When you see the flaw from this perspective, it becomes perfectly obvious why. Because, if the player kept going without a mid stream correction, they might top every shot, mo in an effort to get the ball airborne, the player lowers the rear side, raises the front side and swings UP from the outside. So you do bottom out nearer the ball, but you’ve introduced a HOST of other issues. I’m not saying this is a conscious effort in the less than two seconds it takes to swing the club, I’m saying that it develops unconsciously over time. And the more one plays, the more they “perfect” this sequence. In my experience, this is how most, if not all, swing faults begin. Correcting a fault with another fault. It is truly ingenious, really!
If the swing gets to the top and does begin down inside, unlike above where it begins down outside the line, or over the plane, but the club starts down on a very steep incline, it is headed for a crash; keep going from there, and you’re likely to stick it straight into the ground or, at the least, hit it straight off the toe. Again, over time, the player senses this, and develops a motion of “backing up; reversing the upper body to flatten the golf club and get it onto a reasonable incline to strike the ball. I see this day in and day out. The inevitable question is: “Why can’t I get through the shot”? Because…you had to reverse the upper body to avoid an even greater disaster..
These are just two examples involving improper weight transfer. But if we see other swing flaws in this light, I think it explains a lot. For example, “raising the handle,” or “standing the club up,” lower body extension (“humping”), holding on through impact, casting, sending hand path far away from the body (disconnection), all these can can almost always be attributed to something that preceded those flaws. That is, they are rarely the root cause, they are the REACTION to another position or motion. They are “save” attempts.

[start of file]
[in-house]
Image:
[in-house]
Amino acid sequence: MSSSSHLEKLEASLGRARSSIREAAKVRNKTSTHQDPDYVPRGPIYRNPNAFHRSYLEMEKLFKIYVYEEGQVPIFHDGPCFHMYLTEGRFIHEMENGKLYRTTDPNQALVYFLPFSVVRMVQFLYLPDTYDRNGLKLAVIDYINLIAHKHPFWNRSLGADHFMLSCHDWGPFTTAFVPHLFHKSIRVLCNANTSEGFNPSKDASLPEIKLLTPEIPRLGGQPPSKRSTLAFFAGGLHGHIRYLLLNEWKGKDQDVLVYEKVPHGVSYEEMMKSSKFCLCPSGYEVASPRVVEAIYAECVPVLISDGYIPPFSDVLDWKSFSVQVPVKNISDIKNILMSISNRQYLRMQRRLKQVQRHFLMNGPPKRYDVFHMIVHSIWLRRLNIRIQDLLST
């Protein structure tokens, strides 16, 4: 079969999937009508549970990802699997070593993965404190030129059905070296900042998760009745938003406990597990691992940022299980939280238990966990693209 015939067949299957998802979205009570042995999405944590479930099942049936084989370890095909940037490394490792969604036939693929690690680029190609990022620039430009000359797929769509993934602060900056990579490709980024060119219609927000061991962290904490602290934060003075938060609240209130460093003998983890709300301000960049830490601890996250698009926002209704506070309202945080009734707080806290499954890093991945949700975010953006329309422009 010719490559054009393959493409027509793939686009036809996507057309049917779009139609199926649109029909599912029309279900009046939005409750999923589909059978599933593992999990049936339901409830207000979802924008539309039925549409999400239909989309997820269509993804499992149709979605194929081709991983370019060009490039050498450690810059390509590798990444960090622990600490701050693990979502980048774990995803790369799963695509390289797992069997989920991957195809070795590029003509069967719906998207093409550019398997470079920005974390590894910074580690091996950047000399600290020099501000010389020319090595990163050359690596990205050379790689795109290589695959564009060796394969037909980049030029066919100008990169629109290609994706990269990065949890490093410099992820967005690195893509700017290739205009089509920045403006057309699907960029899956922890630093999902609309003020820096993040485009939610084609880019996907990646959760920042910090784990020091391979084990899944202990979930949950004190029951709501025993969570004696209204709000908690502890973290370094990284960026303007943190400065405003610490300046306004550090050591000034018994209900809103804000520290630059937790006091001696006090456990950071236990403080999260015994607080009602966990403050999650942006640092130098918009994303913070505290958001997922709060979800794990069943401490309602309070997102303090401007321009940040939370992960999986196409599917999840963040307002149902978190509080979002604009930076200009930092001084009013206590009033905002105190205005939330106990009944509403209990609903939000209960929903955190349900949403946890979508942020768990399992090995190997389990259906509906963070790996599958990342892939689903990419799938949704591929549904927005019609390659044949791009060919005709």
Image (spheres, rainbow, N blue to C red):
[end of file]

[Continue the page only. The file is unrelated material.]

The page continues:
Here’s another way of describing it: Many, in fact most, steep swings result in a shallowattack angle. Many open club faces at the top of the swing actually hook the ball, many closed faces at the top of the swing hit slices or at least high blocks, and so on. How do I know this? I have stood right next to golfers for almost 40 years and observed it up close and personal on the lesson tee.
If you are serious about long term improvement, real effective change in your game, you will need to work on the fundamentals that will put you in a position from which you do not have to recover, or execute a “fit in” move to survive. Get a good high-definition, slow-motion look at your swing, get your Trackman or Flightscope feedback and take a close look, in terms of what I’m referring to here. It will be eye-opening to say the least.
I would agree that one CAN learn to live with some save moves and achieve a certain level of success, albeit less consistent in my opinion. In fact, when most people hit balls, that is what they are practicing. As always, it’s your call. Enjoy the journey.